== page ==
Jane Van Ryan
Posted September 21, 2009
Today is your last chance to write to the government to support the Five-Year offshore drilling plan. At the close of business today, the Minerals Management Service (MMS) will end the public comment period, tally the emails and letters, write a report on its findings, and help the Secretary of the Interior decide whether to implement the government's offshore drilling plan.
The plan identifies existing and new offshore areas that could be opened to leasing. If it moves forward, leases in the Eastern Gulf of Mexico, the Atlantic and Pacific could be made available to the highest bidders in a lease sale. Only then can companies explore for oil and natural gas in leased areas--and if commercially viable quantities are discovered--start producing energy.
The United States needs all of the energy it can get. So far this year, the country has imported 64 percent of the oil used every day. While there is a role for renewables and alternatives, they are not going to supplant oil and natural gas for many years to come. 94 percent of our transportation system runs on oil and without it, the economy would grind to a halt.
As numerous polls have shown, most Americans favor offshore development. Yet, as API President and CEO Jack Gerard said today, "...the administration repeatedly has slow-pedaled this plan which would benefit all Americans. New oil and gas development could create thousands of jobs, add over a trillion dollars to government coffers, strengthen America's energy security and encourage our economic recovery."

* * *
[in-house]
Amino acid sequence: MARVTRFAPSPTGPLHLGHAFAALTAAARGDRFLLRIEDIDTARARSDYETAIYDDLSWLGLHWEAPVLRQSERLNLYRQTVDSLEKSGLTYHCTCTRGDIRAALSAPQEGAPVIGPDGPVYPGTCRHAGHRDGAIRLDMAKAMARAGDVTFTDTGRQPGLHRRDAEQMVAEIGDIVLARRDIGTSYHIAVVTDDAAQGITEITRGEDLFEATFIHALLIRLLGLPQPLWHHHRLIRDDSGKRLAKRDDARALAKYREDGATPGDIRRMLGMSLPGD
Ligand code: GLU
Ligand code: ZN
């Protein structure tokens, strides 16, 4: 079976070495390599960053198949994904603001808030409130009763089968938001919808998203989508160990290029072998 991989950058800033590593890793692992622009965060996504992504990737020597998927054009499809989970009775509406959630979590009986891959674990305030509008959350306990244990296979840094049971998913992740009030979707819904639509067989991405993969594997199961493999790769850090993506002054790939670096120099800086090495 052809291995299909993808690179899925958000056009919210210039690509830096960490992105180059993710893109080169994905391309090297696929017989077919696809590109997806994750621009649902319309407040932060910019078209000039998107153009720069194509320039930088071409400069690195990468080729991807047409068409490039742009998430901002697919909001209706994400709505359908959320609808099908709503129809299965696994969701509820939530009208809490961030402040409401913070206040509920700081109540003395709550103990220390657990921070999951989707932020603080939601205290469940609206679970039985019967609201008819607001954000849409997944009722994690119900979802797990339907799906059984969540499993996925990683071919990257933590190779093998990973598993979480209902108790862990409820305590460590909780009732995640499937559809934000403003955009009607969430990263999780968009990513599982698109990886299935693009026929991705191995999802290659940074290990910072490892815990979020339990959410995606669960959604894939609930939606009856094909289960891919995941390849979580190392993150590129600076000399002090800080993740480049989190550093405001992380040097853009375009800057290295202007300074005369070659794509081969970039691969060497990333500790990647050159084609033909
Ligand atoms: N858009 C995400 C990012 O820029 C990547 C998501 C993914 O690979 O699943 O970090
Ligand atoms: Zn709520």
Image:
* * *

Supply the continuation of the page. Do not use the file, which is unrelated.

America needs oil. It has an abundance of its own oil. It has the expertise and technology to drill for oil and natural gas safely. The Secretary's decision should be a no-brainer but unfortunately, it's not that simple. It's critically important for everyone who supports offshore drilling to send a comment to MMS.
Visit the Action Center and urge Congress and MMS to expand access to offshore resources, and do it now!
ABOUT THE AUTHOR
Jane Van Ryan was formerly senior communications manager and new media advisor at the American Petroleum Institute (API), where she wrote blog posts and produced podcasts and videos. Before coming to API, Jane managed communications for a large science and engineering corporation, and for a top-tier research and engineering university. A few years ago, you might have seen her in your living room when she delivered the news on television. Jane officially retired from API in 2011 and now freelances as an independent communications consultant when not gardening at her farm in Virginia.